Supermarket chain Aldi has been accused by an entrepreneur of copying the sun shade she designed for prams.
Cara Sayer designed the successful product – a cover which stretches over the top of prams and blocks out light – ten years ago to help her baby sleep.
Aldi’s product has a short zip down the middle of the shade, elastic straps, and is grey with yellow trim, almost identical to Cara’s original design.
Aldi said there were already “many other similar products on the market”.
But Ms Sayer said none resembled the SnoozeShade as closely.
“Its design is identical,” she says. “Other products have been similar but not the same.”
“It’s a bit like Ford creating a car that looks like a Ferrari and putting a Ford badge on it. Ferrari knows what a Ferrari looks like.”
Ms Sayer also pointed to labelling and product description on the Aldi product, saying it closely resembled her own.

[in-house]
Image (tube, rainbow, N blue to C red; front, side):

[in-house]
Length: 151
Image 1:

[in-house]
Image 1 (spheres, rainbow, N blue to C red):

Product creators legally have unregistered design rights, that protect their design for a decade after it has first been shared with the public. But it’s not something that is always respected.
Ms Sayer says she could demand that Aldi destroys the product. “I can in theory say you can’t sell this any more. Or I can say you pay me a license fee to sell this product,” she says.
But in reality she says they haven’t responded to her emails and she knows it’s not worth pursuing.
“I’m not naïve. I understand. There’s no point pursuing anything hard in terms of going to court.”
But she’s angry and thinks more should be done to protect small businesses against this kind of intellectual property infringement.